In the process, I also learned how to use Sound Cloud and audiocopy. My #DigiWriMo treasure chest continues to grow. Along the way I discovered so many great voices and perspectives which gave me both pause and inspiration. In the final week when the emphasis was on transmedia expression I found that I had indeed hit a wall of sorts. The notion of “transmedia” somehow overwhelmed me at that moment, in that week, although the whole month long I had been doing precisely that in bits and pieces. Once again, the community was right there with me offering both understanding and opportunity. In the final guest post, “It All Falls Apart,” Anna Smith documented and shared her production process in creating her transmedial oevre “Pieces.” In my comment I was able to give voice to the odd uneasiness I was feeling for not having gone “the whole nine yards,” as they say. And I was able to sum up what this month of creative community meant for me:

#digiwrimo is more than a number of days, more than a collection of interested and interesting people, more than the numerous artifacts which were created under its auspices. For me, #digiwrimo has become a frame of mind that I want to hold onto: a reminder to dare to experiment and contribute to communities of play and experimentation, digital and otherwise.

Just like that, it’s suddenly December and all manner of fresh engagements fill up my calendar (and probably yours, too). But #DigiWriMo as an experience, as a source of inspiration, as extraordinary meeting of the minds – will remain with me. Practicing “being the audience I want to have” is an ongoing commitment and one I gladly honor. It’s the frame of mind that will grow along with me. For that I am immensely grateful.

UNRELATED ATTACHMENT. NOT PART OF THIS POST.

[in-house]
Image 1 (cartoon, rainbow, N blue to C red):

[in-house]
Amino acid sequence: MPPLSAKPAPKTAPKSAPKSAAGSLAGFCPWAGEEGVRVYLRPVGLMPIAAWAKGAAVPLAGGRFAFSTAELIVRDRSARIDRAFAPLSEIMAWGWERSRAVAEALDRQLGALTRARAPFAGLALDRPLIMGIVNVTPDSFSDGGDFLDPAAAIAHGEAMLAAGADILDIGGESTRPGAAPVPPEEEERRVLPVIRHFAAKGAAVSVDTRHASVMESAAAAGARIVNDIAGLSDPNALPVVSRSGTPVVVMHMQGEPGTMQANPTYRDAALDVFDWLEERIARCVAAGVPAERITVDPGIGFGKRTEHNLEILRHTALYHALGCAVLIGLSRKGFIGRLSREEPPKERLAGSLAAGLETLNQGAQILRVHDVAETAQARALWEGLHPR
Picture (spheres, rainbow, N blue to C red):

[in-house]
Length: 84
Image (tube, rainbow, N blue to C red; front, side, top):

Shhhh! An audio revelation

“Boys and girls, shhhh….”

“Keep your voices down.”

“Are you listening? How can I tell?”

“Use your indoor voice, please.”

“Thank you for sitting quietly.”

“Look at who’s ready for the next instruction!”

“Boys and girls, I’m waiting… it’s your time…”

We educators can spend a lot of energy trying to control student volume. We have our reasons and many of them are rooted in good intentions about being responsible and respectful community members. Be that as it may, I find myself making countless requests for students to be quiet, quiet, quiet.

This is the third week of Digital Writing Month and the theme is using sound in our writing and even as a form of writing. Bit of a stumper for me as I feel so much more at home in the literally written word. Yet in her introduction to the week’s offerings, #DigiWriMo co-facilitator, Sarah Honeychurch, offered the following invitation: